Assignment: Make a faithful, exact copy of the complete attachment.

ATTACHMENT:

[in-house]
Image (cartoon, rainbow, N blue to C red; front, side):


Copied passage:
[in-house]
Image (cartoon, rainbow, N blue to C red; front, side):